An inspector monitors solar panels Thursday at a solar farm off Roderick Road in Winslow. The site is one of three solar projects in Winslow either under construction or in the approval process. Rich Abrahamson/Morning Sentinel

WINSLOW — The Planning Board this week unanimously approved a 4.1-megawatt solar installation off Cushman Road that is expected to generate enough energy to power approximately 1,050 homes.

This is the second large-scale solar farm the town approved and will encompass more than 28 acres of land.

The energy from the Cushman Road project will be fed back into the power grid managed by Central Maine Power Co. and sold to a large Maine business.

Brooke Barnes with Stantec Consulting Services, an engineering firm representing the solar farm applicant, said the project will be a fixed-tilt system “so the panels will not move with the sun, but remain where they are.” The system will include more than 14,000 ground-mounted photovoltaic panels that will stand no more than 10 feet high.


Barnes said Wednesday that the applicant, Portland-based Maine DG Holdco LLC, is leasing or purchasing four different plots from landowners on which to install the solar array.


The power that’s generated will be sold to a predetermined Maine business, Barnes said. Solar investors generally do not disclose exactly who will be purchasing the power, he said.

As part of the project a new access road will be added off Cushman, underground electrical collector lines will be installed and an overhead electrical line will connect the solar array to the CMP grid.

Barnes said at a Planning Board meeting Monday permits for wetland impacts and stormwater management will need to be obtained from the Maine Department of Environmental Protection.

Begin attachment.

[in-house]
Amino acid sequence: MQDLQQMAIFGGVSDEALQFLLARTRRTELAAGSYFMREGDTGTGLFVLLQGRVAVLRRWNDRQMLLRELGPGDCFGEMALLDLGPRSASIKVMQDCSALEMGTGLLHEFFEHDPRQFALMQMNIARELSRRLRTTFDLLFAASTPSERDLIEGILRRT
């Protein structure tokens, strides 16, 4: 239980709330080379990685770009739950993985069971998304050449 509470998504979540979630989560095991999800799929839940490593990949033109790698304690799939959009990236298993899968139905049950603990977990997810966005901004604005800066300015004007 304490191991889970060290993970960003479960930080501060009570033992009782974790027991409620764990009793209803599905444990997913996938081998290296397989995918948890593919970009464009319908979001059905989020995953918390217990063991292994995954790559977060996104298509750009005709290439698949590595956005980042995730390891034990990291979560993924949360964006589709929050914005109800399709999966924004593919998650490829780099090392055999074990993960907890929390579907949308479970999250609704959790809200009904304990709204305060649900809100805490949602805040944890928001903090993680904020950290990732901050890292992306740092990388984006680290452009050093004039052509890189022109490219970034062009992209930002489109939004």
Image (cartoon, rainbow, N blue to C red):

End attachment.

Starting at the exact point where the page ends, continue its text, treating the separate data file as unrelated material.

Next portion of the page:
The application for the project says construction will begin in May or June and power will start to be generated in January 2023.

Winslow officials in late 2019 approved another large-scale solar project — a 9.8-megawatt array covering more than 30 acres off Roderick Road. That project is now under construction.

Bob Cleaves, of Portland-based Dirigo Solar LLC, said Wednesday that the project is one of eight the company has been contracted to install by the Maine Public Utilities Commission to deliver renewable energy to the power grid.


He said it’s expected to be completed within the next few months and will generate enough energy to power a couple thousand Maine homes.

Town law requires that large solar farms only be allowed in low-density residential, rural and industrial zoning districts.

At the Monday meeting, outgoing Code Enforcement Officer Adam Bradstreet read a letter from an abutter to the Cushman Road project who was concerned the town did not thoroughly follow through on the due diligence specified by the ordinance, which was adopted in 2015.

Solar arrays line a field Thursday at a solar farm off Roderick Road in Winslow. The field is being monitored by an on-site inspector. The site is one of three solar projects in Winslow either under construction or in the approval process. Rich Abrahamson/Morning Sentinel

The person said in his letter that he wants to make sure the Planning Board holds Maine DG Holdco responsible for the decommissioning plan for the array, which was included in the application.

Winslow’s ordinance requires solar projects to conform to industry design and construction standards, be screened from public view and be enclosed by a chain-link fence. Power and utility lines must be buried underground as much as possible and a maintenance and operation plan has to be filed with the town.

There is a $1,500 application fee and permits cost $500 per megawatt of power that’s generated. Solar installations have to comply with the same noise and decommissioning rules commercial wind facilities do.

Also Monday, the board approved holding a joint public hearing with the Town Council for another solar farm applicant, NextGrid Inc., which has requested a zoning change to install a large system off Roderick Road in Winslow’s mixed-use district. By ordinance, solar projects are not permitted in this district.

It would be the town’s third solar installation.

The public hearing will be held during the Town Council meeting in council chambers at 114 Benton Ave. at 6 p.m. on Monday, Dec. 13.

Related Headlines

Only subscribers are eligible to post comments. Please subscribe or login first for digital access. Here’s why.

Use the form below to reset your password. When you've submitted your account email, we will send an email with a reset code.